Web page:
philamuseum:

Did you know that early experiments in flash photography involved photographers filling a tray with magnesium powder, putting it on their heads, and igniting it to create a small explosion? Eventually, photographers mounted the tray to a stick to lift it—a bit more safely—above their heads. Learn more about how early photographers experimented with flash in this interesting piece from NPR’s “All Things Considered.” Then come visit “Artificial Light: Flash Photography in the Twentieth Century” at the Museum. But hurry—the exhibition closes August 3.”Midnight at the Bowery Mission Breadline,” 1909, by Lewis W. Hine

philamuseum:

Did you know that early experiments in flash photography involved photographers filling a tray with magnesium powder, putting it on their heads, and igniting it to create a small explosion? Eventually, photographers mounted the tray to a stick to lift it—a bit more safely—above their heads. Learn more about how early photographers experimented with flash in this interesting piece from NPR’s “All Things Considered.” Then come visit “Artificial Light: Flash Photography in the Twentieth Century” at the Museum. But hurry—the exhibition closes August 3.

Midnight at the Bowery Mission Breadline,” 1909, by Lewis W. Hine

Animals Sensed 2011 VA Quake

Staff at the Smithsonian National Zoological Park in Washington, D.C., reported that some of the animals in the park appeared to show behavior suggesting that they anticipated the earthquake from seconds to minutes before it was felt in the area. The earthquake was felt at the great ape exhibits during afternoon feeding time. About three to ten seconds before the quake, many of the apes abandoned their food and climbed to the top of a tree-like structure in the exhibit. The red-ruffed lemurs sounded an alarm call about 15 minutes before the quake, and the flock of 64 flamingos rushed about and grouped themselves together just before the quake. During the quake, some animals vocalized, some ran or dove for cover, and some stood up and stared at the walls of their enclosures. Some of the animals remained agitated for the rest of the day, while others calmed quickly. This reaction was similar to that of the 5.8 Wabash Quake in 2008, which struck during early-morning feeding at the St. Louis Zoo.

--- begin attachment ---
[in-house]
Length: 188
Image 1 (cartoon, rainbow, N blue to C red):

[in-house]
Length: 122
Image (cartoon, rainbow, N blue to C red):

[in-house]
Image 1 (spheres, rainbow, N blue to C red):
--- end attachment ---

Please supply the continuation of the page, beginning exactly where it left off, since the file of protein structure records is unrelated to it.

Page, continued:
http://en.wikipedia.org/wiki/2011_Virginia_earthquake#Zoo_animal_reactions

Movie Trivia

The first test audience [of Roger Rabbit] was comprised mostly of 18-19-year-olds, who hated it. After nearly the entire audience walked out of the screening, Robert Zemeckis, who had final cut, said he wasn’t changing a thing.

bluepueblo:

Canyon, Fjadrargljufur, Iceland
photo via michele

bluepueblo:

Canyon, Fjadrargljufur, Iceland

photo via michele

fastcompany:

Less than 1% of women going to college plan to major in computer science, according to the American Association of University Women. Those are bleak numbers.
What will prompt more women to get into coding? The first step: paying teachers to recruit girls to take coding classes.
With $1 million in funding from Google’s Made With Code initiative, nonprofit DonorsChoose.org is rewarding teachers with money when they get four or more female students to complete a coding class online.
Read More>

fastcompany:

Less than 1% of women going to college plan to major in computer science, according to the American Association of University Women. Those are bleak numbers.

What will prompt more women to get into coding? The first step: paying teachers to recruit girls to take coding classes.

With $1 million in funding from Google’s Made With Code initiative, nonprofit DonorsChoose.org is rewarding teachers with money when they get four or more female students to complete a coding class online.

Read More>

When Eddie takes Roger Rabbit into the back room at the bar where Dolores works to cut apart the hand-cuffs, the lamp from ceiling is bumped and swinging. Lots of extra work was needed to make the shadows match between the actual room shots and the animation for very little viewer benefit. Today, “Bump the Lamp” is a term used by many Disney employees to refer to going that extra mile on an effect just to make it a little more special, even though most viewers or guests will never notice it. — IMDB